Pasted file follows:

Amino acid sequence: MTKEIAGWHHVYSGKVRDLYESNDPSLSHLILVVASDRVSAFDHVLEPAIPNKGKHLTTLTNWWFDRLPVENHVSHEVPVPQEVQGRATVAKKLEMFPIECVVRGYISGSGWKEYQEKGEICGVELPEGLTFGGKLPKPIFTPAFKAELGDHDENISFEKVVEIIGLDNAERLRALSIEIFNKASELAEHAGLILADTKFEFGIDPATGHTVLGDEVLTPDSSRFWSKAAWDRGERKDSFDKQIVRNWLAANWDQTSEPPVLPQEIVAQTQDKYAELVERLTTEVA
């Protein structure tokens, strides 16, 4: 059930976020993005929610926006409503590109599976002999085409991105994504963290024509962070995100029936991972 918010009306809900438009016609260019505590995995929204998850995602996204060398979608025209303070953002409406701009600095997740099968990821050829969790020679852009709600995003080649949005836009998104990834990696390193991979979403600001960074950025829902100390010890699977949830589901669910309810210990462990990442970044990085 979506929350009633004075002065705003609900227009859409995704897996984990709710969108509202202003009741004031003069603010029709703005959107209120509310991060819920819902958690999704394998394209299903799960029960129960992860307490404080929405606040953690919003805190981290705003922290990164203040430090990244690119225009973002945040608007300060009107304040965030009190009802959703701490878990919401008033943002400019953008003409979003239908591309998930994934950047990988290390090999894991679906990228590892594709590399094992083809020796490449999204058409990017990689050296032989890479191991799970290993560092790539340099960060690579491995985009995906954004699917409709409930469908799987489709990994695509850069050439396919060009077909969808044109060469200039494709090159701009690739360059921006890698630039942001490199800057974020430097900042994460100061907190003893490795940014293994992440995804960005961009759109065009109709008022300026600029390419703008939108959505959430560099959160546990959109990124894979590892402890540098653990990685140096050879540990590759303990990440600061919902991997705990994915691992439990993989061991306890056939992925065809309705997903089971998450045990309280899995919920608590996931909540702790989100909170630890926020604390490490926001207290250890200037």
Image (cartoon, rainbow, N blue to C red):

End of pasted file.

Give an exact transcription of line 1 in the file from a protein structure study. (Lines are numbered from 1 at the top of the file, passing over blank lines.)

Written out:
Amino acid sequence: MTKEIAGWHHVYSGKVRDLYESNDPSLSHLILVVASDRVSAFDHVLEPAIPNKGKHLTTLTNWWFDRLPVENHVSHEVPVPQEVQGRATVAKKLEMFPIECVVRGYISGSGWKEYQEKGEICGVELPEGLTFGGKLPKPIFTPAFKAELGDHDENISFEKVVEIIGLDNAERLRALSIEIFNKASELAEHAGLILADTKFEFGIDPATGHTVLGDEVLTPDSSRFWSKAAWDRGERKDSFDKQIVRNWLAANWDQTSEPPVLPQEIVAQTQDKYAELVERLTTEVA